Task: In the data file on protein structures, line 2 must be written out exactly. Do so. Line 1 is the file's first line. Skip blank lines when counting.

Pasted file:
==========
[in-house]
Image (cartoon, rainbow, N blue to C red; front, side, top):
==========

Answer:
Image (cartoon, rainbow, N blue to C red; front, side, top):